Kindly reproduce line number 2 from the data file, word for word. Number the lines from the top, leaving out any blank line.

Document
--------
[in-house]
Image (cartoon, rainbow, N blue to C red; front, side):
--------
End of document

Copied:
Image (cartoon, rainbow, N blue to C red; front, side):